|Backup goaltender spot not a given for Rask||09.14.09 at 3:38 pm ET|
There’s a been a great deal of assuming that the Boston Bruins backup goaltender spot has already been pre-ordained to Finnish phenom Tuukka Rask, but that seems to be a classic case of overstating the case. Rask is highly touted, and deserving of the plaudits after a pair of seasons fine-tuning his game with the Providence Bruins, but B’s coach Claude Julien said that Thomas’ backup is a wide open job search.
The B’s coach indicated there’s a wide-ranging competition among the five goaltenders without a Vezina Trophy for the role as backup to Tim Thomas, but the competition is solely a two-man race between journeyman Sabourin and vaunted prospect Rask. The 29-year-old Sabourin has played in 57 NHL games with a career 2.88 goals against average and an .898 save percentage, and appeared in 19 games with the Stanley Cup champion Pittsburgh Penguins last season as a backup to Marc-Andre Fluery.
Sabourin certainly isn’t the answer for the B’s goaltending future, but he’s proven an ability handle the backup role without a major drop-off in performance. Not the easiest of tricks for a young goaltender.
Rask, meanwhile, is a 22-year-old prototype right out of the Finland goalie factory with a long, lean frame and a wide butterfly stance that envelops the bottom half of the net. Rask and Montreal’s Carey Price were, in fact, considered the two best young goaltending prospects in the world under the age of 21 just a few short years ago, and Rask has markedly improved his strength and skill during a two-year apprenticeship with the P-Bruins.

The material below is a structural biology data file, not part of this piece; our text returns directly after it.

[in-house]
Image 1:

All that being said, the young prospect is going to need to impress the B’s coaching staff with his dilligence, attitude and effort much like he did last season while playing like best goaltender in Boston’s camp. The youngster was sent down to Providence — and was spitting nails nearly all the way back — but put his head down and pulled together a solid season at the AHL level complete with a nice postseason run to boot.
Rask has proven himself in the minors, but now the 6-foot-2, 171-pounder needs to show the necessary skills to back up Thomas. The Tank’s netminding understudy will easily play between 30-40 games this season — a workload that would serve as the perfect way to introduce Rask to the NHL in easily-digestible bite-sized pieces.
While it’s the perfect scenario to break in the young phenom, Julien needs to see Rask take hold of an NHL netminding job opportunity with both hands.
“I think Tuukka has to understanding that he’s got a great opportunity here. He’s got to seize it,” said Julien. “He’s got some competition. There’s a guy by the name of Sabourin that’s got some experience in this league. There are several goalies here pushing, but we all know realistically that it’s Sabourin and Rask in competition to see who’s working with Timmy this year.”
Is it a given that Rask wins the job, and Sabourin starts the year with the Baby B’s in Providence?
“Absolutely not,” said Julien without missing a beat. “That much I can tell you, truthfully.”
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